If you consider the grid fins at a small angle of attack, am I right that drag will act in the direction of the flattened axis (thickness of the grid of fins) and that lift will act perpendicular to it?
For any body in a flow, you can draw a single net aerodynamic force vector. Conventionally, the component of this vector inline with the vehicles longitudinal axis is called drag, and the component inline with the vehicles vertical axis is called lift. For the Falcon 9, the horizontal axis would be the line passing through the engines and the tip; this convention allows drag to be in the opposite direction of velocity.
Do lift and drag both contribute to the steering force on the rocket? Does one dominate over the other or are they both significant?
Yes, both lift and drag contribute to the steering. Consider if only one grid fin was actuated. Net force on the fin is increased which increases both lift and drag. The lift will create a roll moment (and a yaw/pitch moment), and the drag will create a pure yaw/pitch moment.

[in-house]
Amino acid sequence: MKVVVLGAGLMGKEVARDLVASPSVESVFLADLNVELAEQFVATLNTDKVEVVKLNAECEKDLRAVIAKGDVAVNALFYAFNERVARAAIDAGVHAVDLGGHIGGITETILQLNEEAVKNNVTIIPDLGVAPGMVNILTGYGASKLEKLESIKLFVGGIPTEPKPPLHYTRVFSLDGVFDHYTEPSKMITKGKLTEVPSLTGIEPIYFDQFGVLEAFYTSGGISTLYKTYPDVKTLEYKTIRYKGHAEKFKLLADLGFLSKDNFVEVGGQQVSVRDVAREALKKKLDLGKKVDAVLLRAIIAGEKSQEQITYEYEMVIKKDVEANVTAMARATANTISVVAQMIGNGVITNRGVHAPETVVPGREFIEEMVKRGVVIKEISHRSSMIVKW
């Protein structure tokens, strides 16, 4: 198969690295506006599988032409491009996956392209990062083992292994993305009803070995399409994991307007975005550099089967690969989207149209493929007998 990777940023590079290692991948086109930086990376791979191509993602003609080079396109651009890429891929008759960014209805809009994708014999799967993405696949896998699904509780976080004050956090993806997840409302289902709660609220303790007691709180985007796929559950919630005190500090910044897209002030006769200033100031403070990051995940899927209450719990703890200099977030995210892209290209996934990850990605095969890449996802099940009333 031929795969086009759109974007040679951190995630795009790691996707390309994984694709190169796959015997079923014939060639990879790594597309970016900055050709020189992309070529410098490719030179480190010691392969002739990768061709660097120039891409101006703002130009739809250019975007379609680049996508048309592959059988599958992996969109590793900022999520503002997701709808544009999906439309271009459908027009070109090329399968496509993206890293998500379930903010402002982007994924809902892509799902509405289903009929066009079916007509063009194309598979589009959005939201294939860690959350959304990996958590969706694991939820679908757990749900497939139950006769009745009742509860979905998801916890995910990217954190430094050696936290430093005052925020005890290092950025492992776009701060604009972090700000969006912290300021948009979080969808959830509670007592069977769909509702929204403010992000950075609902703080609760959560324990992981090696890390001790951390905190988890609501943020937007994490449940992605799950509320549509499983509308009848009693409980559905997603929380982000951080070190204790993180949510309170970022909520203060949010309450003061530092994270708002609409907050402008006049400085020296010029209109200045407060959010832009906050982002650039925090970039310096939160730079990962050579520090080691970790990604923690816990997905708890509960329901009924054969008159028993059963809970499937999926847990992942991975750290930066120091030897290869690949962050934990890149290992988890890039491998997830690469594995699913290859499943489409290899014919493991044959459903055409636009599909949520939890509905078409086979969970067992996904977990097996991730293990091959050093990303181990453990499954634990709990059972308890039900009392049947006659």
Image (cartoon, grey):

I would wager that the F9 control scheme has opposite fins deflecting at the same angle more often than not to cancel the moment created by drag. After all, you can get roll, yaw, and pitch from just combinations of lift from the fins.
Worth mentioning that, for considering the surface area of the fin creating the aerodynamic forces, only the grid strips inline with the rotating axel should be considered. The others will remain at zero AoA when the fin is rotated.